One advantage of the way performers are using the internet is to upcycle and recycle performances that might have been missed. It is a great way to catch up. Mezzo-soprano Jamie Barton filmed Lee Hoiby's one-woman opera Bon Appétit! in July 2020, and the delightful 20-minute diversion has been on a number of different opera feeds. We caught up with it at Opera Philadelphia. Lee Hoiby (1926-2011) wrote it for his friend, actress Jean Stapleton who premiered it in 1989. The opera sets a conflation of two scripts from Julia Child's well-known 1960s cooking show. In the opera Child (Jamie Barton) is making an elaborate chocolate cake. Barton has sung the role for a number of years, and this film was directed by Ryan McKinney and made in his kitchen! And Barton really did cook, melting chocolate, beating eggs and seeming to have great fun. A real musical and dramatic tour de force, yet an amusing delight too. [Opera Philadelphia]

We also caught up with Rossini's Armida in a broadcast of a 2010 performance from the Metropolitan Opera with Rene Fleming, John Osborn, Lawrence Brownlee and Barry Banks, conducted by Riccardo Frizza and directed by Mary Zimmerman. The opera is unusual for Rossini, for a start there is only one soprano role (taken in 1817 by Isabella Colbran, the reigning diva at Naples opera), and there are six tenor roles (though a lot of doubling) with the famous (and unique) trio for three tenors in Act Three. The middle act moves from the 'real' world to Armida's magical realm, complete with a ballet sequence, all relatively unusual in Rossini and he clearly enjoyed writing seductive and varied music. Yet apart from Armida (Fleming) and Rinaldo (Brownlee), no-one else gets much air-time and the tenor roles are often doubled. Here Barry Banks did duty, in two unlikely wigs. Armida does not pop up very often, and here it was clearly a star vehicle for Fleming (who first sang the role in Pesaro in 1993). [MetOpera]

The third of English Touring Opera's films debuted this week on Marquee TV, pairing Tippett's song cycle Boyhood's End with Shostakovich's Poems of Marina Tsvetaeva. Tippett wrote Boyhood's End in 1943; a setting of an autobiographical text by naturalist William Henry Hudson, it was written for Peter Pears and Benjamin Britten (though they may not have premiered it). Lyrical and rhapsodic, Tippett takes the remembrance of boyhood and makes it about a land of lost content as the result of war, something that choreographer Rae Piper brought out. The work was danced by Paul Chantry and vividly sung by Tom Elwin with Ian Tindale on piano. The words of Shostakovich's Poems of Marina Tsvetaeva date from roughly the same time period as the Tippett song cycle, as the great Russian poet Marina Tsvetaeva committed suicide in 1941. But Shostakovich did not set the songs until 1973, this is powerful and challenging late Shostakovich. The cycle was performed by mezzo-soprano Katie Stevenson and pianist Ian Tindale, and directed by Rahel Vonmoos with dancer Bernadette Iglich.   Enigmatic and uncompromising, the work uses Tsvetaeva's poems about the purpose of art to create something disturbing. A challenging choice for a staging, but a rewarding one. [English Touring Opera]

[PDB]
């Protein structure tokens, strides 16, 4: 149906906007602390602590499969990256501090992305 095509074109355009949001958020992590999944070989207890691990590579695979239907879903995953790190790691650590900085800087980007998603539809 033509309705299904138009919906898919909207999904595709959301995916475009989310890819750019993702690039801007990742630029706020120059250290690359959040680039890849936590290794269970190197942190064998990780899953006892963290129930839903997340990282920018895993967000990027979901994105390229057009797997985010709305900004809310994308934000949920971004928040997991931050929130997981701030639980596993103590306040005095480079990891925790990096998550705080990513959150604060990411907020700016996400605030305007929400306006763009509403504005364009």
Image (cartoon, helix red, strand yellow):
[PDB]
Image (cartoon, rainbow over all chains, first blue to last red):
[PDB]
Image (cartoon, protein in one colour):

Having interviewed Edmund Aldhouse, director of music at Ely Cathedral, last year [see my interview], it was great to catch up on BBC Radio 3 with the cathedral and the choir for Epiphany Evensong (actually recorded in November!), with music by Warlock, Clucas, Mendelssohn, and Herbert Sumsion [BBC Radio3]. Handel & Hendrix in London posted a lovely video of the current group of Handel House Talent, recorded in concert at the Handel House in December. We heard music by Handel, Bach, Corrette, Boni and Monteverdi, a lovely mix including one of Corrette's delightful Symphonies de Noël, something from Messiah and from the Christmas Oratorio, ending unseasonably but deligtfully with the final duet from L'Incoronazione di Poppea. Performers were Abel Balazs (violin), Lucia Capellaro (cello), Katie Lewis (oboe), Jonatan Bougt (theorbo), Anna Cavaliero (soprano), Frances Gregory (mezzo-soprano) & Pawel Siwczak (harpsichord)  [YouTube]. The Scottish Chamber Orchestra's latest programme, recorded in November at the Queen's Hall, Edinburgh, featured music by Dvořák, Martinů, Pavel Haas and Hans Krása, much of it not as well known as it ought to be. A lovely programme [YouTube]